“On the Friday night of our romantic weekend I took her to one of the finest restaurants in Dublin which happened to be French, and we ate expensive and exquisite fish, turbot cooked in a turbotiere in her case, and halibut but not in a halibutiere, in mine.  We played flirtatious footwork under the table, or at least I did, and she winked and seemed to find my artless fooling about entertaining, and from time to time she would unleash a hectic giggle. For a Freudian psychiatrist she was far from po-faced, and was a remarkably sane and sound and cheerful woman. She took care of others folks’ cares I suppose, so that cathartically it made her humorous and carefree herself. Over the coffee I asked her what it was like being a psychoanalyst, and how had it come about in the first place? She told me she had trained under a colleague of Freud in Vienna when she was only twenty-five, five years before World War One broke out. About the time that I migrated to Kerry, she had obtained a degree of some sort in a London college affiliated to a university and designated specially for women, and there had met HG Wells who was one of its patrons. He had flirted with her as he flirted with every attractive woman, and she told me he had something coming off him, a kind of invisible aura that was doubtless his unquenchable libido. He didn’t manage to seduce her but he did steer the conversation round to Sir Richard Burton, the controversial chap who in 1885 (aptly enough when DH Lawrence was born) organised the subscribers only Kama Shastra Library which disseminated hush-hush oriental erotica, the Kamasutra and The Perfumed Garden and the like. She was vastly impressed to hear that the ancient Indians had sensibly treated the business of lovemaking as a branch of knowledge like any other, and that they had systematically produced sundry primer recipe books for making oneself as skilled and knowledgeable about sex, as one might about gourmet cookery. She somehow managed in a back street near Russell Square, London, to get hold of a bit of naughty-naughty in the form of an English translation of the Ratirahasya, The Secrets of Love by Kokkoka, a hoary old Hindu writer with a most apposite handle if ever there was.  Better still, it was illustrated with charming not to say mindboggling line drawings, and showed umpteen impressive sex postures analogous to the sundry yogic asanas she subsequently decided to take a stab at, for she also purchased a translation of the Yogasutras of Patanjali. Later in Dublin she discovered and soon fled from various deadly dull theosophy groups as satirised by O’ Casey in Juno and the Paycock, where there is jesting reference to the prawna, meaning the prana or yogic breath.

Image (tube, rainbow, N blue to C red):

“From the prana and the erotica, she moved onto her Freudian practice, and said that right enough Freud had shrewdly discovered that sex was damn near always at the bottom of every psychological problem. The only pity, she added, was that his reductive findings were skewed by his patients all being rich and secular Viennese Jews, and he hadn’t bothered to study the new and revolutionary science of Sociology, for Emile Durkheim and Max Weber hadn’t really encroached on his imaginative vision. Many of the problems that Samara’s female patients had, were she believed, down to bullying and insensitive husbands in the present tense, not their early traumas, however grotesque. They often wanted to poke around some hideous memory of a humiliating beating or an act of abandonment by their Anglo-Irish Daddy in 1892, when really they would be better in 1930 telling their gross and buffoonish husbands, as a rule younger versions of their stiff-necked Dad, to go and feck themselves as soon as they liked. And yes, before you ask it, Joe, Samara Fox did actually say, go and feck themselves, and that wasn’t my saloon bar gloss…